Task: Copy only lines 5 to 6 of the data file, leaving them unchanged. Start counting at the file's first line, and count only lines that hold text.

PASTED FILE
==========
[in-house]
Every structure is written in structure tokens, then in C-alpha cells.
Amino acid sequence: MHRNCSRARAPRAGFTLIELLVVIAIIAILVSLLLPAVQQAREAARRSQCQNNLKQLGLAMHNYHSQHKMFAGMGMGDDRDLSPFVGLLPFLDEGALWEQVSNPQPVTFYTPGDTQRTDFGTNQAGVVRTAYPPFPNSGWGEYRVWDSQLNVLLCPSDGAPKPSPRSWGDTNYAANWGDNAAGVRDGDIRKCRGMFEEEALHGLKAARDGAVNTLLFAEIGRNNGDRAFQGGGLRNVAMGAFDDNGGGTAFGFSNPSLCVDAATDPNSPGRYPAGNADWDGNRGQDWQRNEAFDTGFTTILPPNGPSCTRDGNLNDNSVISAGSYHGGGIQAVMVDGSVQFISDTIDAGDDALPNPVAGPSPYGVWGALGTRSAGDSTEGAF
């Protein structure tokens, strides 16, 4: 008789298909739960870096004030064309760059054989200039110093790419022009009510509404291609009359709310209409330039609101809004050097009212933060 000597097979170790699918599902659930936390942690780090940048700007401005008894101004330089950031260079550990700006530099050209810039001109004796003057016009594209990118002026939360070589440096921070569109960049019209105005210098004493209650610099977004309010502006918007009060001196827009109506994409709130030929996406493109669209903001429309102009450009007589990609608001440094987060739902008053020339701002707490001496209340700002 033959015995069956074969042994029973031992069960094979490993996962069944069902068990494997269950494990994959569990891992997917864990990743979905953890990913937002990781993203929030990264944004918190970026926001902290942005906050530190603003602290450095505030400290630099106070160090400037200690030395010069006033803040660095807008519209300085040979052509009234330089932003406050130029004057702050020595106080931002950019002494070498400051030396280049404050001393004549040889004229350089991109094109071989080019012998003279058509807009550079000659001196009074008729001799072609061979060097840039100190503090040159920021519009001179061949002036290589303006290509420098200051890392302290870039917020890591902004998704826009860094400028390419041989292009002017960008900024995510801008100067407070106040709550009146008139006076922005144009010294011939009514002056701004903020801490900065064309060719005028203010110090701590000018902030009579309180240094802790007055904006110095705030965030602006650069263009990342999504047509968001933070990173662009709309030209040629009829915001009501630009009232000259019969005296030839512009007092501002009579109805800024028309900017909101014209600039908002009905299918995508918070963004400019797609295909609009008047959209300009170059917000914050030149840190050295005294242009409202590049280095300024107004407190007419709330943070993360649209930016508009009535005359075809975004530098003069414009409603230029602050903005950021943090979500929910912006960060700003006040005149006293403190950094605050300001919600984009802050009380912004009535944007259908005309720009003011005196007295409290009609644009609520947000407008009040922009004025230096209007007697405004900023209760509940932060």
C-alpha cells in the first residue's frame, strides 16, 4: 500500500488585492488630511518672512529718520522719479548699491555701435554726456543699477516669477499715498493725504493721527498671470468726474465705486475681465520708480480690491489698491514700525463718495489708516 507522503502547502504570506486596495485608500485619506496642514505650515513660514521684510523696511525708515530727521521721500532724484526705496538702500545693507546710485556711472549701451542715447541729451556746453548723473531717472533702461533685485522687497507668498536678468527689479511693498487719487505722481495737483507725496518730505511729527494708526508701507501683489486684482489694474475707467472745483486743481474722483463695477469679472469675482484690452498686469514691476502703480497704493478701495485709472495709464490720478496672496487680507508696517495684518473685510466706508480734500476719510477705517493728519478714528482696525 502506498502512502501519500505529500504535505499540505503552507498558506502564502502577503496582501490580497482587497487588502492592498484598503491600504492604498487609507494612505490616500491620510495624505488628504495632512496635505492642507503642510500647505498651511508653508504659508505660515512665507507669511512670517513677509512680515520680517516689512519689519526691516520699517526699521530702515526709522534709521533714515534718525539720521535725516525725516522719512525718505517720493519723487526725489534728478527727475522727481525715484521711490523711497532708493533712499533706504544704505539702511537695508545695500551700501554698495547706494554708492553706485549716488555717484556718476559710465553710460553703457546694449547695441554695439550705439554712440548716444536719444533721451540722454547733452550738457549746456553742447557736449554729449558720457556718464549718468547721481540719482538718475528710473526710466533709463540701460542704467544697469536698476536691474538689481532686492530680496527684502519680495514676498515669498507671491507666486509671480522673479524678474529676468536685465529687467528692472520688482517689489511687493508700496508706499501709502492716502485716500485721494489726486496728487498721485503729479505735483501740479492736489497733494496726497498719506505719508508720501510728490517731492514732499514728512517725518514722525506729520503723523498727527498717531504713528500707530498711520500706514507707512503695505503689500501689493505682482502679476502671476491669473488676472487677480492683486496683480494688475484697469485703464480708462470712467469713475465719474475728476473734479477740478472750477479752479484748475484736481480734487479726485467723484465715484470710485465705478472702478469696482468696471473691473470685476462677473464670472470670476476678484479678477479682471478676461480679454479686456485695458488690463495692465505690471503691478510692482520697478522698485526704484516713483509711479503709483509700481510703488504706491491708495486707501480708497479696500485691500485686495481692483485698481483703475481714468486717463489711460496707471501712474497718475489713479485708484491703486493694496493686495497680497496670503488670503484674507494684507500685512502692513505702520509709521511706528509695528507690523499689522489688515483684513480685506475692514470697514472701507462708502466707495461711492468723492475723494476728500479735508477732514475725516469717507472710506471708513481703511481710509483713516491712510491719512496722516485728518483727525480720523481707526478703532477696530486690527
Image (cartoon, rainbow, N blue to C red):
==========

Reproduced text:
C-alpha cells in the first residue's frame, strides 16, 4: 500500500488585492488630511518672512529718520522719479548699491555701435554726456543699477516669477499715498493725504493721527498671470468726474465705486475681465520708480480690491489698491514700525463718495489708516 507522503502547502504570506486596495485608500485619506496642514505650515513660514521684510523696511525708515530727521521721500532724484526705496538702500545693507546710485556711472549701451542715447541729451556746453548723473531717472533702461533685485522687497507668498536678468527689479511693498487719487505722481495737483507725496518730505511729527494708526508701507501683489486684482489694474475707467472745483486743481474722483463695477469679472469675482484690452498686469514691476502703480497704493478701495485709472495709464490720478496672496487680507508696517495684518473685510466706508480734500476719510477705517493728519478714528482696525 502506498502512502501519500505529500504535505499540505503552507498558506502564502502577503496582501490580497482587497487588502492592498484598503491600504492604498487609507494612505490616500491620510495624505488628504495632512496635505492642507503642510500647505498651511508653508504659508505660515512665507507669511512670517513677509512680515520680517516689512519689519526691516520699517526699521530702515526709522534709521533714515534718525539720521535725516525725516522719512525718505517720493519723487526725489534728478527727475522727481525715484521711490523711497532708493533712499533706504544704505539702511537695508545695500551700501554698495547706494554708492553706485549716488555717484556718476559710465553710460553703457546694449547695441554695439550705439554712440548716444536719444533721451540722454547733452550738457549746456553742447557736449554729449558720457556718464549718468547721481540719482538718475528710473526710466533709463540701460542704467544697469536698476536691474538689481532686492530680496527684502519680495514676498515669498507671491507666486509671480522673479524678474529676468536685465529687467528692472520688482517689489511687493508700496508706499501709502492716502485716500485721494489726486496728487498721485503729479505735483501740479492736489497733494496726497498719506505719508508720501510728490517731492514732499514728512517725518514722525506729520503723523498727527498717531504713528500707530498711520500706514507707512503695505503689500501689493505682482502679476502671476491669473488676472487677480492683486496683480494688475484697469485703464480708462470712467469713475465719474475728476473734479477740478472750477479752479484748475484736481480734487479726485467723484465715484470710485465705478472702478469696482468696471473691473470685476462677473464670472470670476476678484479678477479682471478676461480679454479686456485695458488690463495692465505690471503691478510692482520697478522698485526704484516713483509711479503709483509700481510703488504706491491708495486707501480708497479696500485691500485686495481692483485698481483703475481714468486717463489711460496707471501712474497718475489713479485708484491703486493694496493686495497680497496670503488670503484674507494684507500685512502692513505702520509709521511706528509695528507690523499689522489688515483684513480685506475692514470697514472701507462708502466707495461711492468723492475723494476728500479735508477732514475725516469717507472710506471708513481703511481710509483713516491712510491719512496722516485728518483727525480720523481707526478703532477696530486690527
Image (cartoon, rainbow, N blue to C red):